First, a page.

The increase in the incidence of whooping cough (pertussis) in many countries with high vaccination coverage is alarming. Maternal pertussis immunization has been proposed as an effective means of protecting newborns during the interval between birth and the first routine dose. However, there are concerns regarding potential interference between maternal antibodies and the immune response elicited by the routine schedule, with possible long-term population-level effects.
We formulated a transmission model comprising both primary routine and maternal immunization. This model was examined to evaluate the long-term epidemiological effects of routine and maternal immunization, together with consequences of potential immune interference scenarios.
Overall, our model demonstrates that maternal immunization is an effective strategy in reducing the incidence of pertussis in neonates prior to the onset of the primary schedule. However, if maternal antibodies lead to blunting, incidence increases among older age groups. For instance, our model predicts that with 60% routine and maternal immunization coverage and 30% blunting, the incidence among neonates (0-2 months) is reduced by 43%. Under the same scenario, we observe a 20% increase in incidence among children aged 5-10 years. However, the downstream increase in the older age groups occurs with a delay of approximately a decade or more.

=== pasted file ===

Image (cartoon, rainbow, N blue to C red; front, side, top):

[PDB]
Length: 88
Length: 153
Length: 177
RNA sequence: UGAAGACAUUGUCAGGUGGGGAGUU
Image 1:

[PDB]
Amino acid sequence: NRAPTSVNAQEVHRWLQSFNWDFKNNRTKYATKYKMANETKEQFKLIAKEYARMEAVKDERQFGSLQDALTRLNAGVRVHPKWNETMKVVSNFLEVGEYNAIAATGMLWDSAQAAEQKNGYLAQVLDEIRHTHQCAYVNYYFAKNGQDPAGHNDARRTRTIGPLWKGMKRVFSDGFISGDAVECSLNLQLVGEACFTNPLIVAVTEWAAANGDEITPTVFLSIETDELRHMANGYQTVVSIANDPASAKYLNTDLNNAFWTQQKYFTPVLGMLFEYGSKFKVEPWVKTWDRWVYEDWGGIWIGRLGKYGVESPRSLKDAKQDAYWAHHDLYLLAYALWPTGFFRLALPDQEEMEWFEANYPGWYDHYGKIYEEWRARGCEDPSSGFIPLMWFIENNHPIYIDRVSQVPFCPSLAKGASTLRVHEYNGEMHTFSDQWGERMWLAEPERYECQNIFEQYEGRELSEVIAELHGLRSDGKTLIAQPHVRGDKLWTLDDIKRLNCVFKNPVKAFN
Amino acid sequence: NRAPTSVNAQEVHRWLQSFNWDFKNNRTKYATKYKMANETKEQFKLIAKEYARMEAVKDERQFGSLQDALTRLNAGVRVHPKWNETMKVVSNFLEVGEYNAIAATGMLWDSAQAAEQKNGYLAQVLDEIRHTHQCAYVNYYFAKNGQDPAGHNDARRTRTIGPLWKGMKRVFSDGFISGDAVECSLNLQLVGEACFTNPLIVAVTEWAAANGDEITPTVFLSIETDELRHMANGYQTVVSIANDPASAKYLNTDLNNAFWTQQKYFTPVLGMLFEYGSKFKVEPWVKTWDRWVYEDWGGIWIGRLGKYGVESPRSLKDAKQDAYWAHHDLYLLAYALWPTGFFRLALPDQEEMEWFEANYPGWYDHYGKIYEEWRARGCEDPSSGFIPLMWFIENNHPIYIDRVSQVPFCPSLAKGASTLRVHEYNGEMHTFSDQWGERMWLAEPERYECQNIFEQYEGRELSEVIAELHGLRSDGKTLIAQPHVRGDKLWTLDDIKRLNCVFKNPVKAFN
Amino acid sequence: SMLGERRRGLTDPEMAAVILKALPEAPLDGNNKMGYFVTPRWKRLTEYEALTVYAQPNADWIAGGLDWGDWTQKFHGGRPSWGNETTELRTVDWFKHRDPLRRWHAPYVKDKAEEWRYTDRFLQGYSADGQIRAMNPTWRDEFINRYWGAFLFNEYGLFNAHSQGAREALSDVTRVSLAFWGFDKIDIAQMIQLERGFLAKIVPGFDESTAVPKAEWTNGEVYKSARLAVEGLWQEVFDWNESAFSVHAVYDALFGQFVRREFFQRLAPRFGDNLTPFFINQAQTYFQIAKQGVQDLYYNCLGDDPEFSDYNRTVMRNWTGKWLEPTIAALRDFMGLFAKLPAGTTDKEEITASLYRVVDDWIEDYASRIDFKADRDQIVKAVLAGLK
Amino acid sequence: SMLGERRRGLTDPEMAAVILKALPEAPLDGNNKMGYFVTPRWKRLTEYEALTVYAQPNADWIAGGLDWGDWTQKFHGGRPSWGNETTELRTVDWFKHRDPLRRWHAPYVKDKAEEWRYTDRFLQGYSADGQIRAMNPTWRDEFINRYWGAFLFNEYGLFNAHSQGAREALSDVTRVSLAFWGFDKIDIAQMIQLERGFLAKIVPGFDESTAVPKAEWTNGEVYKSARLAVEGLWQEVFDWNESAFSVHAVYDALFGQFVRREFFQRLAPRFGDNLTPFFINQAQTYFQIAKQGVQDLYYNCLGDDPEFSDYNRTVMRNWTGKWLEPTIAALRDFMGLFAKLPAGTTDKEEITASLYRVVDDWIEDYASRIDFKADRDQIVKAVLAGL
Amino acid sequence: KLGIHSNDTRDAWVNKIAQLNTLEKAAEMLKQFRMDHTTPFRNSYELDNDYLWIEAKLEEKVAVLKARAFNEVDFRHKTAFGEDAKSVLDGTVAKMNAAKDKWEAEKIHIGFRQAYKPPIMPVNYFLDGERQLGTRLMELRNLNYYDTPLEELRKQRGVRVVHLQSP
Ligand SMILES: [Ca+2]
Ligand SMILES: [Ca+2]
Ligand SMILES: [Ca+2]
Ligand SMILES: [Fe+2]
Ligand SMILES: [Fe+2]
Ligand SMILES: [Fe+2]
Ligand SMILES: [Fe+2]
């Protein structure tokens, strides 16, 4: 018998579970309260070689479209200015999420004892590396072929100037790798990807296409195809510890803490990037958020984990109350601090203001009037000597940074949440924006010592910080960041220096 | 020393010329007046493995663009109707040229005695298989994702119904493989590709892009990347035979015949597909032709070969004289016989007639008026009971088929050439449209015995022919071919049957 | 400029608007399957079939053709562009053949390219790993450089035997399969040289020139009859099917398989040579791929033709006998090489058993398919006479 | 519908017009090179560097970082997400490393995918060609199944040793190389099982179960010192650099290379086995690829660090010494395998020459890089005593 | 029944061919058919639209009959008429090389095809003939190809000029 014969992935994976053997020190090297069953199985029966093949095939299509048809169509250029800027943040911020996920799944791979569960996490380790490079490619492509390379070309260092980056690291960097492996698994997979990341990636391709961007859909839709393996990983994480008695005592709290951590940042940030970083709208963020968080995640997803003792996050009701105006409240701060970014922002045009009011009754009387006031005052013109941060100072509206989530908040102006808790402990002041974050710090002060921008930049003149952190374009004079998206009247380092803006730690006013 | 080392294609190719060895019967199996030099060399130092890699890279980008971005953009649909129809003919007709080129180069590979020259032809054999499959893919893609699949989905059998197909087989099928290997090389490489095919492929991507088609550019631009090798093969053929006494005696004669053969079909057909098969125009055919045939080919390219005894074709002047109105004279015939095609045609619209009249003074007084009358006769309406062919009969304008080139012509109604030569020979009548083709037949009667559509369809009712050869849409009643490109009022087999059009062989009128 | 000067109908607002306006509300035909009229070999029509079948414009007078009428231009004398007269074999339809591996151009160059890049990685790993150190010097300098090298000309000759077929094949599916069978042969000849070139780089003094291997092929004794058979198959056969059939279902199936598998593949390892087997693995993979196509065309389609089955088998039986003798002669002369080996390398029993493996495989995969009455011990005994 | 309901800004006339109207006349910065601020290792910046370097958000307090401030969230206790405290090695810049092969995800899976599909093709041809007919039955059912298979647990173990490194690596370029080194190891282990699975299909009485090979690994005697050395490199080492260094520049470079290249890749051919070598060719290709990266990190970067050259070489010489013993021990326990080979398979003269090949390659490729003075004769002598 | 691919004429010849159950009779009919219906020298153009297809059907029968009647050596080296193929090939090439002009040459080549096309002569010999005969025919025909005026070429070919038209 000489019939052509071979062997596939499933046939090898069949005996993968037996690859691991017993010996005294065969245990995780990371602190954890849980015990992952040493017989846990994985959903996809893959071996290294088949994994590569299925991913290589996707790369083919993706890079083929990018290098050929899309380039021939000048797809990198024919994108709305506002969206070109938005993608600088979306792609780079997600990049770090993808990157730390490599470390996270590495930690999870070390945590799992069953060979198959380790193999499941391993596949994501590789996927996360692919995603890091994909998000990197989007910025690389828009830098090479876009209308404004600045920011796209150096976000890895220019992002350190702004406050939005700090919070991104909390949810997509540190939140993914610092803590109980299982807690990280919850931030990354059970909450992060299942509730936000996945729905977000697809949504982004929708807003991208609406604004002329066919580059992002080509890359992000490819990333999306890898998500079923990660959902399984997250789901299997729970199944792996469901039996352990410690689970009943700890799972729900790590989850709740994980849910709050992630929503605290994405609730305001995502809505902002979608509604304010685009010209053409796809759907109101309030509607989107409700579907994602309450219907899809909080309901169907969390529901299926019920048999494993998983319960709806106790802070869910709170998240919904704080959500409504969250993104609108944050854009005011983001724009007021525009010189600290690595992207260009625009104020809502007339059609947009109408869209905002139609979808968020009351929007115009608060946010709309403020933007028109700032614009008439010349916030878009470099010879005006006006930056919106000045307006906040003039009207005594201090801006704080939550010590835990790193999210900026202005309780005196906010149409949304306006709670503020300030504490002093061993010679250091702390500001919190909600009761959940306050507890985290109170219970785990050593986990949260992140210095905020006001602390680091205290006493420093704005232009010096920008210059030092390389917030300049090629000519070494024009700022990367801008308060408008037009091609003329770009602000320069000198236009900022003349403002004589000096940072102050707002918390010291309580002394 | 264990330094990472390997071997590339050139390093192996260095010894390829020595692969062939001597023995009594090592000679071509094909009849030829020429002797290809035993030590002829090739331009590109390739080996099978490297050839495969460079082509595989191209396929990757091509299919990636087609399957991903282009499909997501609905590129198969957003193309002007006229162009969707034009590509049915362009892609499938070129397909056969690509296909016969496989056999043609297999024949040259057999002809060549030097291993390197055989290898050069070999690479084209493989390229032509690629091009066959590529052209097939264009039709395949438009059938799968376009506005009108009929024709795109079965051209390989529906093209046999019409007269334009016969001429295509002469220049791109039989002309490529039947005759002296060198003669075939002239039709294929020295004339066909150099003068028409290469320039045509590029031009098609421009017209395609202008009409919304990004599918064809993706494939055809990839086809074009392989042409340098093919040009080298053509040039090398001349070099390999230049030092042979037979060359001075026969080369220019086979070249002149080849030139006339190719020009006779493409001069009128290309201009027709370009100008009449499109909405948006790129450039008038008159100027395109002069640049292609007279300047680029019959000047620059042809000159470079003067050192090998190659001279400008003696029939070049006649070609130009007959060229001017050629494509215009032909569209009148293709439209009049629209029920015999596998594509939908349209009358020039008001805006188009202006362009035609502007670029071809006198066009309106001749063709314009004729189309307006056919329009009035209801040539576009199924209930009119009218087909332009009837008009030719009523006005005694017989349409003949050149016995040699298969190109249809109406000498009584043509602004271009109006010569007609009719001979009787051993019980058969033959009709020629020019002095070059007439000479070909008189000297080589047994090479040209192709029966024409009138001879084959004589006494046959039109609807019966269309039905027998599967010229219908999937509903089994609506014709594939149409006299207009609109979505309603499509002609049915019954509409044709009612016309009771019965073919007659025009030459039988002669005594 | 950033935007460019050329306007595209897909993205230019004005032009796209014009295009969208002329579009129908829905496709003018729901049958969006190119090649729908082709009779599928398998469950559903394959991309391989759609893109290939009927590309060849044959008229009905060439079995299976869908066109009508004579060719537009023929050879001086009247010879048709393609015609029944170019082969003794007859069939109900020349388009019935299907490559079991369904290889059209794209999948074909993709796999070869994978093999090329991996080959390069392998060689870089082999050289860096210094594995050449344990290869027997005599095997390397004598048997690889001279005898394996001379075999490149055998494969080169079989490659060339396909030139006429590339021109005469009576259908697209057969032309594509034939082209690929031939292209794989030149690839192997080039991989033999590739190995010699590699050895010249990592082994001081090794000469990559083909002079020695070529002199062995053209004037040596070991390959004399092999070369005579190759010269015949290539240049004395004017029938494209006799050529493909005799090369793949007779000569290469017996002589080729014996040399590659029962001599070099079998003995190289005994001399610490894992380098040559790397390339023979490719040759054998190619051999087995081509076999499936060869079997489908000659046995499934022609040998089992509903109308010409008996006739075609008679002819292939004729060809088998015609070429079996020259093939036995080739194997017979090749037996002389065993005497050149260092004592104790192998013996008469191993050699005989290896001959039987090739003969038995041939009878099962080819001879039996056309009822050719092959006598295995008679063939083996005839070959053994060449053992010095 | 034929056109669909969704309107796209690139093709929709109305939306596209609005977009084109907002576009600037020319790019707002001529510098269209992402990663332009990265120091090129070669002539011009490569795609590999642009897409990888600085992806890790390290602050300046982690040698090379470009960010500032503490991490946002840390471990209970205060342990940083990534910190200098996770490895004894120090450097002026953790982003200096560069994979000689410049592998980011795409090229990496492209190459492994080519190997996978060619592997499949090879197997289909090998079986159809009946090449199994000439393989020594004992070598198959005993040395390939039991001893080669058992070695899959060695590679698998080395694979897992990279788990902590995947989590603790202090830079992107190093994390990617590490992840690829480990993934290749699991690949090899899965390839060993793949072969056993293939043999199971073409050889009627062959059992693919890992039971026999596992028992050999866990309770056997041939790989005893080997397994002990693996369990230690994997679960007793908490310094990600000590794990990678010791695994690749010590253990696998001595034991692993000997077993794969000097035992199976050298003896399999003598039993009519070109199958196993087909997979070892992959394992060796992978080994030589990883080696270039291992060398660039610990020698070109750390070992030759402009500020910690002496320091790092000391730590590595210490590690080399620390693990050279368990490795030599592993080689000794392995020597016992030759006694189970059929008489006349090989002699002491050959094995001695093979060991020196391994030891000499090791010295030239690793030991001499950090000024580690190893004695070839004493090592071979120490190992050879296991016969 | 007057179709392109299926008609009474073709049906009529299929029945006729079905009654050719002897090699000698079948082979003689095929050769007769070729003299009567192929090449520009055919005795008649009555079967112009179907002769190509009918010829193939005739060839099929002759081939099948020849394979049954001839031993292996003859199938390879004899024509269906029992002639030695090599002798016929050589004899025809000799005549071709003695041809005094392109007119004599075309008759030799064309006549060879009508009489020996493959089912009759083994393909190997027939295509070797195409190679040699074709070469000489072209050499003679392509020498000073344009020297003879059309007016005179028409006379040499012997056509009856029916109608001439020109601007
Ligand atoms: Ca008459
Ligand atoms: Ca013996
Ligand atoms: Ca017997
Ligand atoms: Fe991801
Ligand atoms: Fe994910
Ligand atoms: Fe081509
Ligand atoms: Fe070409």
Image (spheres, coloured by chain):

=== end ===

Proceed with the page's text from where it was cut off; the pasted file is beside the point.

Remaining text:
Maternal immunization has clear positive effects on infant burden of disease, lowering mean infant incidence. However, if maternally derived antibodies adversely affect the immunogenicity of the routine schedule, we predict eventual population-level repercussions that may lead to an overall increase in incidence in older age groups.